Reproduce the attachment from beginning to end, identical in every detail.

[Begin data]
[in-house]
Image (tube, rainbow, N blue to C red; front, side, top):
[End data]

[in-house]
Image (tube, rainbow, N blue to C red; front, side, top):